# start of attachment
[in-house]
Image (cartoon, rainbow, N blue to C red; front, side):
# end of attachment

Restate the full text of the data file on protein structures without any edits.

[in-house]
Image (cartoon, rainbow, N blue to C red; front, side):